“As one of the largest global sports, I think rugby is a tier-one sport,” Clarke told the Herald. “I think Patrick was including rugby in his commentary.”
Asked what expressions of interest he expected to receive on Friday for a broadcast package encompassing Test matches and Super Rugby, plus new State of Union and Super Eight concepts, Clarke replied: “We’ve had very good dialogue with a range of broadcasters. As to what comes in in the form of official proposals on Friday, I’ll tell you on Friday.”
Cricket Australia’s inability to make the Big Bash League more of a priority in the schedule has pushed Channel 7 to nail a for sale sign to the product, reports News Corp’s Ben Horne.
Channel 7 no longer wants the BBL and back in March actively tried to offload the once golden goose of Australian cricket to Channel 10, who didn’t want it either.
COVID-19 might have heightened the BBL’s diminishing value to broadcasters, but it’s a long-running issue that predates the pandemic and prompted Cricket Australia to commission its own independent review into the Bash last summer.
The report compiled by former Channel 10 boss David Barham strongly urged the game to find ways to ensure more top Australian stars could play in the tournament, and stated that the BBL needed to be put on more of a pedestal, rather than always being at the mercy of international scheduling.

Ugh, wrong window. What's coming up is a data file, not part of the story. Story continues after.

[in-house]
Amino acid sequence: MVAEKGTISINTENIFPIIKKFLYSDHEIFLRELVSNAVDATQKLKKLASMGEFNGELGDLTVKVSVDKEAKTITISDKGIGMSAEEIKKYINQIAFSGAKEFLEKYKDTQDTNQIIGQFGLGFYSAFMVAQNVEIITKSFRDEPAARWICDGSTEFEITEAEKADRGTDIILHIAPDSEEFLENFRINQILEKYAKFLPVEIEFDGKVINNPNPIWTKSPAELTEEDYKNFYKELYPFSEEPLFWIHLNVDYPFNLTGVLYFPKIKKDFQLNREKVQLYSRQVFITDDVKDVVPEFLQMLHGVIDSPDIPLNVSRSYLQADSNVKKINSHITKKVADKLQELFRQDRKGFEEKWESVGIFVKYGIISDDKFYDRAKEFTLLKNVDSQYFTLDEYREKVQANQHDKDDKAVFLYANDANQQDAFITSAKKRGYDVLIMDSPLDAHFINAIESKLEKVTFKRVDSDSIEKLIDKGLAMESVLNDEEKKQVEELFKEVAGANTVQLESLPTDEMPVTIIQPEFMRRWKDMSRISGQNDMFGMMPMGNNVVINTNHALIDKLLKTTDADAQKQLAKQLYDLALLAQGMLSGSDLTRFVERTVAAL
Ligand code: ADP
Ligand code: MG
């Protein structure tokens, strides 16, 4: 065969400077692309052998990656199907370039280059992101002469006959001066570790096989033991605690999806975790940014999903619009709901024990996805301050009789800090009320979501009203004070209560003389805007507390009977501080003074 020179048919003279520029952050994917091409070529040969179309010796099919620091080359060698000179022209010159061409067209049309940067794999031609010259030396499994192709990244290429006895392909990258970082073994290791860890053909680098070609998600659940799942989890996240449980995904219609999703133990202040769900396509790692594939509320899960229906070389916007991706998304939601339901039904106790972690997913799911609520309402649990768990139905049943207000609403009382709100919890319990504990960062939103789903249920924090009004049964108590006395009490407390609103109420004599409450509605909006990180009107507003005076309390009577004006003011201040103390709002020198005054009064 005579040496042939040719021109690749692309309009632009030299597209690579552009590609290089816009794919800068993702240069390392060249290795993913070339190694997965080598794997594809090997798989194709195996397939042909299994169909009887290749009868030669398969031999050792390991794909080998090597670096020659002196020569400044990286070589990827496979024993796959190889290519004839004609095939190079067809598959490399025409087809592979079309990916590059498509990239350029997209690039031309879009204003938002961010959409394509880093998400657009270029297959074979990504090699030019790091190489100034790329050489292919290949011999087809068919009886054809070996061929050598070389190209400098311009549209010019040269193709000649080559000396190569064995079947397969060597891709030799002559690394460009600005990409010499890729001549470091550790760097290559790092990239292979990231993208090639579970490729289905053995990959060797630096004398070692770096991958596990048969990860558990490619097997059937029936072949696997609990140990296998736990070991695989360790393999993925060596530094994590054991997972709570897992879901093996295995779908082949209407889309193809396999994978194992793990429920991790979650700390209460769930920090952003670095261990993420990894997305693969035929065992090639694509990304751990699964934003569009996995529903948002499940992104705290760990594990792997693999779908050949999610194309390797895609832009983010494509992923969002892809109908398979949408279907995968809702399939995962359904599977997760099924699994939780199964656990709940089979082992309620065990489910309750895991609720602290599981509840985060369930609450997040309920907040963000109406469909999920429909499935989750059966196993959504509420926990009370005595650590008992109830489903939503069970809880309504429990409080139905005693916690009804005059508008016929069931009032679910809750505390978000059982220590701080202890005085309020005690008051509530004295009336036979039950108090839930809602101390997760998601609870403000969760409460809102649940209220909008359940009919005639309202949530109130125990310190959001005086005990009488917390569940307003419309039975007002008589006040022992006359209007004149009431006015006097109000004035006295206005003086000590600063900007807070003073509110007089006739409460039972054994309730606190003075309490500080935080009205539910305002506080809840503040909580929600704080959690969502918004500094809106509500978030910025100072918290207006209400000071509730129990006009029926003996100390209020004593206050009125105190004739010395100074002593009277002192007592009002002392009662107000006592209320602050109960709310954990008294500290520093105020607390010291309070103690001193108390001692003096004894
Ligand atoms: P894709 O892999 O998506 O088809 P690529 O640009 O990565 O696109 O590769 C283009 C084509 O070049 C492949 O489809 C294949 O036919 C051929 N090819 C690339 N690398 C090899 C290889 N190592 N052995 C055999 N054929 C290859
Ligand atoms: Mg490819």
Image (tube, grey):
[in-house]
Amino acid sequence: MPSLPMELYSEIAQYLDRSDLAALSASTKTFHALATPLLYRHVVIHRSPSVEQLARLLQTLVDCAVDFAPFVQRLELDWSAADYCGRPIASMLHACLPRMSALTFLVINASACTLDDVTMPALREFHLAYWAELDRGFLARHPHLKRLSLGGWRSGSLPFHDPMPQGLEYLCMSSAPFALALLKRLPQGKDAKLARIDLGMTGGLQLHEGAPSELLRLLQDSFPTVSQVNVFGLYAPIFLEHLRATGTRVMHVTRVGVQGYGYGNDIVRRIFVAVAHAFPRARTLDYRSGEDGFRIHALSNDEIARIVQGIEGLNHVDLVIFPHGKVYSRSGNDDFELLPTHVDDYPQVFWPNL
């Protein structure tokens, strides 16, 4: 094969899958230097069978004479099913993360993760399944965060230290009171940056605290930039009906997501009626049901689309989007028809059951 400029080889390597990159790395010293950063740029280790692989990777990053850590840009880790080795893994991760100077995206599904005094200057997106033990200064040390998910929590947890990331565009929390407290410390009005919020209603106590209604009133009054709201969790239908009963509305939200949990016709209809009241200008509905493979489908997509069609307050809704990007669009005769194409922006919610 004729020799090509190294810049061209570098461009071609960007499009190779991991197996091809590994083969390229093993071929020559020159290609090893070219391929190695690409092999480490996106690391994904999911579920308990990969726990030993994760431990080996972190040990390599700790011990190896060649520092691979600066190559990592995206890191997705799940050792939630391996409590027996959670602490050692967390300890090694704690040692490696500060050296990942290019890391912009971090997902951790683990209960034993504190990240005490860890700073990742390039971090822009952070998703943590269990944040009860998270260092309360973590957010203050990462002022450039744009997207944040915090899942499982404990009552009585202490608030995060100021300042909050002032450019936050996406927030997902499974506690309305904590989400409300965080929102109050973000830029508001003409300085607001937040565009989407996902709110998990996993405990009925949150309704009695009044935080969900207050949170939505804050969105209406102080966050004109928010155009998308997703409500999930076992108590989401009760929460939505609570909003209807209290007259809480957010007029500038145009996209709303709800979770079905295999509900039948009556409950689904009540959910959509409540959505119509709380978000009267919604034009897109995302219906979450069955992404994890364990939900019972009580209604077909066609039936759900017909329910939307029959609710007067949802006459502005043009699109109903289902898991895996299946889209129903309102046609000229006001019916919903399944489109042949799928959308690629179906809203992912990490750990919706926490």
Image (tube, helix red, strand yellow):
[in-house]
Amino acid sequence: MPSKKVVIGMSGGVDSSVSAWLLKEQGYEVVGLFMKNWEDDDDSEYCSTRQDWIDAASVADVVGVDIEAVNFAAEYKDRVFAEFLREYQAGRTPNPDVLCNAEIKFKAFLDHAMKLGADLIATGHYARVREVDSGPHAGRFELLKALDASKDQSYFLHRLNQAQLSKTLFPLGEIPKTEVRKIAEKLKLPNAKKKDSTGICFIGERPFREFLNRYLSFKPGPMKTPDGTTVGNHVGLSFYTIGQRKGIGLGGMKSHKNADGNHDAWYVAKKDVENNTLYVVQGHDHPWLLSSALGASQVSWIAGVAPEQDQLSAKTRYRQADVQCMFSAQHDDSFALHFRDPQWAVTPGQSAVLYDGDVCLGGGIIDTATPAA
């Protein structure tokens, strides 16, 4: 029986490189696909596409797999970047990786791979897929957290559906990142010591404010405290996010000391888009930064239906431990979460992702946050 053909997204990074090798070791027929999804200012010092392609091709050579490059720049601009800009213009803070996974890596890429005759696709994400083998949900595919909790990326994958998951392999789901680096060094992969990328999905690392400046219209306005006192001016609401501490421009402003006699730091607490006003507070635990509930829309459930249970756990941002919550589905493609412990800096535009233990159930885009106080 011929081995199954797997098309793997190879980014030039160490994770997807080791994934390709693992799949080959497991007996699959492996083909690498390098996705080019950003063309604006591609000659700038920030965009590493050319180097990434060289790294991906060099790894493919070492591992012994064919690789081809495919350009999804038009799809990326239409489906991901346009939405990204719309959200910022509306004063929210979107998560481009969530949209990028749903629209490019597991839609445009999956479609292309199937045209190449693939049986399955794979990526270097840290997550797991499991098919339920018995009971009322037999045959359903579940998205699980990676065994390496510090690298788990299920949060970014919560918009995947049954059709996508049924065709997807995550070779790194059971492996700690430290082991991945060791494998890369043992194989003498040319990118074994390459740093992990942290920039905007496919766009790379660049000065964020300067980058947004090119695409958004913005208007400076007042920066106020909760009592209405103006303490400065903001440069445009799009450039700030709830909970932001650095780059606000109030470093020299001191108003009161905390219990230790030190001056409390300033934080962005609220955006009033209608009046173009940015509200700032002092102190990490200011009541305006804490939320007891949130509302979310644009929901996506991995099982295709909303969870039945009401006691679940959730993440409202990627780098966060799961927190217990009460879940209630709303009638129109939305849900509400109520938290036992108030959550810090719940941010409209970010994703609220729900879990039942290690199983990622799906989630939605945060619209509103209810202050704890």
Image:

Barham reiterated in the report that the BBL must get back to its roots as a ‘made-for-TV’ product, and the broadcasters are both united in feeling they’re not getting bang for their buck and have lawyered up.
The unprecedented challenges of COVID-19 could not have been foreseen, and have made revamping the competition a difficult exercise for CA to pull off this season.
However, the fact the BBL 2.0 reboot that was promised looks unlikely to be delivered this summer is why Channel 7 and Fox Sports believe they’re entitled to a rights reduction for the fallen value of the product they’re paying big money for.
The two networks will meet with Cricket Australia later this week, but as far as Channel 7 is concerned, a rights reduction isn’t all they are after.
Channel 7 is frustrated by the BBL’s poor performance since taking on the rights in 2018 and chief executive James Warburton has stated publicly that the network do not support the coming season.
CA have put Channel 7’s approach over the past week down to posturing and their financial struggles, but there remains a very real chance the network could try and offload the Big Bash. They would rather be rid of it altogether.